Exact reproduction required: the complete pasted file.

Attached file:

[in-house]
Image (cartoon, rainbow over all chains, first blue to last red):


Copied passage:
[in-house]
Image (cartoon, rainbow over all chains, first blue to last red):